The Orléans Process

Appears in
On Food and Cooking

By Harold McGee

Published 2004

  • About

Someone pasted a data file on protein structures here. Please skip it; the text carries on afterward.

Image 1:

The simplest, oldest, and slowest method was perfected in the Middle Ages in the French city of Orléans, where spoiled barrels of Bordeaux and Burgundy wine on their way to Paris were identified and salvaged as vinegar. In the Orléans process, wood barrels are partly filled with diluted wine, inoculated with a mother from a previous batch, and allowed to ferment. Periodically, some vinegar is drawn off and replaced by new wine. This method is slow, because the transformation of alcohol to acetic acid is limited to the wine surface exposed to the air. But the slow fermentation leaves time for reactions among the alcohol, acetic acid, and other molecules, and produces the finest flavor. When optimized, this process can yield a barrel full of vinegar in two months.